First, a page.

There are moments in life where we must decide to leave behind the comfort of the familiar and take a leap into the scary, seemingly chaotic void of the unknown if we are to grow and progress as individuals. Before watching Kobi Vogman’s A Way of Being, I would have never imagined that those tumultuous emotions could be so elegantly expressed through the use of wool. We find out from Vogman how he learnt to worked with, and not against, his materials in order to craft this story about the difficulty of making that next step.
A Way of Being is infused with themes of a fear of the unknown, and the literal worry of unravelling in the face of that fear. What inspired you to tell this emotive story?
The idea for the story came from life events – it was a time with lots of changes in my life. My father was really sick and was waiting for a liver transplant, I had a falling out with a really good friend of mine, moved in to a new place and so on and on. It was time for rebirth and for real change, so I started searching for simplicity in every aspect of my life, looking for the core of everything. While being outside fighting to hold my family together, I was looking inside to find my own core and strength.
Your method of animating wool is deeply expressive. What lessons did you bring from your earlier short Don’t Blame Anyone that informed the characterisation in A Way of Being?
While working on Don’t Blame Anyone, I tried to figure out wool as a material, and did some tests. It was uncontrollable! I had to come to the understanding that the less I touched it and the more I let it remain as it was, the better the animation would look. In A Way of Being I tried to understand wool as a character. It can look like chaos when it’s a mess, but on the other hand, look like a wool ball in my grandmother’s house back when I was a child. It is a nostalgic and warm material. From those thoughts, the main character was born – a newborn trying to understand the huge world that surrounds it and the chaos inside of it.
How did working with wool alter your production process?
The main aim in A Way of Being was to tell a story. Most of my work before has been abstract. I wanted to build a character using traditional puppet armor and mix it with my abstract techniques. I was very arranged with my work – had a strict schedule, filmed all the acting before, did x-sheets – so I didn’t really have any issues that surprised me.
The backgrounds are sparse, yet rich, through your use of water and lighting effects. How did you arrive at that aesthetic?
One of the statements I told myself while working on A Way of Being was ‘less is more’ – I have a bench, a puppet, let’s see what I can do with it. The thought about the space came from the Theatre of the Absurd where nothing is needed except the object that the whole story revolves around.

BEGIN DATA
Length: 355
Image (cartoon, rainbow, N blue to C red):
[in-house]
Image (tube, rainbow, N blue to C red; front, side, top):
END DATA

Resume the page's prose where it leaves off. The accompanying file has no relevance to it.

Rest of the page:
Both yourself and Ilia Grosz acted in the film. How does that translate to what we see on screen?
Ilia Grosz is a good friend and a professional actor, she was a part of the project since it was only a thought, helping me figure out who this character was. I never really wrote a screenplay for A Way of Being, it was me and Ilia acting this character and filming the sessions. I took that footage home and put it on the timeline, editing the story through acting. Those materials were then taken to Nick Spivak, the Sound Designer. Using the acting footage as a screenplay, I did the animatic with the puppet and its bench – working on the frames, the light changes, the tempo and all the other endless decisions I had to take as the director. When the animatic was ready, Ilia and I did another filming session of all the references of the acting. So it ended up that the puppet’s acting is half Ilia and half me.
As well as the sound design Nick Spivak also created the score. How did you all collaborate to bring the emotional tension and ultimate resolve to the story?
Nick was part of the journey for the whole way, making the first sounds of this world I was trying to create. This is the third project we’ve made together so the chemistry between us was already there. There were sketches of the sound and music in the animatic, but the intense work started after I finished animating, when the whole thing was standing together. Back then Nick lived in a village close to Tel-Aviv, so coming to work with him in the studio was like taking a vacation from the city – listening to the nature around us and being free from the outside world. We developed a concept for the sound. I wanted it to sound like a journey, a mystical one to places in lost worlds. After trying so many types and styles of music, Nick came up with the idea of using Yagel Harush, a Kamancheh player. It was like finding Cinderella’s slipper after a long search. Fits perfectly! Nick sampled it and played the guitar at the end of the film, using a known sound to take the viewers back to the bench they’re sitting on.
A Way of Being has won several awards during its festival run, what has the audience reaction been to the film?
So far, everyone who’s seen the film has told me lots of beautiful things and supported me. For some, it was too simple, others started to cry. Each one and his own thoughts.
What will we see from you next?
There is no stop motion industry in Israel so for the past year since I finished at Bezalel Academy, I’ve worked in the Israeli cinema industry as a production designer assistant, props man and a set dresser. I’m fascinated with just creating worlds. I love to jump between the art department and working on a new screenplay in my spare time, hopefully to create another independent short film.